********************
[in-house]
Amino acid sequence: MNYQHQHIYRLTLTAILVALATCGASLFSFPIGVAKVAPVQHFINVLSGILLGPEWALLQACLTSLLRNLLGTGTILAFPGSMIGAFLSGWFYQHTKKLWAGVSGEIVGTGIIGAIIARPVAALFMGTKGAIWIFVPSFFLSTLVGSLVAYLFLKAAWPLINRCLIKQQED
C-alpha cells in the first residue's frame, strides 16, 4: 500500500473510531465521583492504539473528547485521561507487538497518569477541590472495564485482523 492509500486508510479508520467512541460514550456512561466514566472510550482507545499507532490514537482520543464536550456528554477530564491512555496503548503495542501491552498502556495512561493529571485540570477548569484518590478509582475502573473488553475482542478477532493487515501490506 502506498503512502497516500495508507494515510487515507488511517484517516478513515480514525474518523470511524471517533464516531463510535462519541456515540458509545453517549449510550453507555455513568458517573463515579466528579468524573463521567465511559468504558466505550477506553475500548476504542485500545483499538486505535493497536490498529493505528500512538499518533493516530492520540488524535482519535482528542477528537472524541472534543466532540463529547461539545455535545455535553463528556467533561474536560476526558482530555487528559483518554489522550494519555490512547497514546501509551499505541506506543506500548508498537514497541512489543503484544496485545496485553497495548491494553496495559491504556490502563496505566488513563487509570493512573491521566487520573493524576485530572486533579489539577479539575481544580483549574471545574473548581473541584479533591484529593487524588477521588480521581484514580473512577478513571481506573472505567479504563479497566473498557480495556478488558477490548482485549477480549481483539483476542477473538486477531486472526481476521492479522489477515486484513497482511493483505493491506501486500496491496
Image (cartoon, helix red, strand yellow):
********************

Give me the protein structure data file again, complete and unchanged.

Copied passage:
[in-house]
Amino acid sequence: MNYQHQHIYRLTLTAILVALATCGASLFSFPIGVAKVAPVQHFINVLSGILLGPEWALLQACLTSLLRNLLGTGTILAFPGSMIGAFLSGWFYQHTKKLWAGVSGEIVGTGIIGAIIARPVAALFMGTKGAIWIFVPSFFLSTLVGSLVAYLFLKAAWPLINRCLIKQQED
C-alpha cells in the first residue's frame, strides 16, 4: 500500500473510531465521583492504539473528547485521561507487538497518569477541590472495564485482523 492509500486508510479508520467512541460514550456512561466514566472510550482507545499507532490514537482520543464536550456528554477530564491512555496503548503495542501491552498502556495512561493529571485540570477548569484518590478509582475502573473488553475482542478477532493487515501490506 502506498503512502497516500495508507494515510487515507488511517484517516478513515480514525474518523470511524471517533464516531463510535462519541456515540458509545453517549449510550453507555455513568458517573463515579466528579468524573463521567465511559468504558466505550477506553475500548476504542485500545483499538486505535493497536490498529493505528500512538499518533493516530492520540488524535482519535482528542477528537472524541472534543466532540463529547461539545455535545455535553463528556467533561474536560476526558482530555487528559483518554489522550494519555490512547497514546501509551499505541506506543506500548508498537514497541512489543503484544496485545496485553497495548491494553496495559491504556490502563496505566488513563487509570493512573491521566487520573493524576485530572486533579489539577479539575481544580483549574471545574473548581473541584479533591484529593487524588477521588480521581484514580473512577478513571481506573472505567479504563479497566473498557480495556478488558477490548482485549477480549481483539483476542477473538486477531486472526481476521492479522489477515486484513497482511493483505493491506501486500496491496
Image (cartoon, helix red, strand yellow):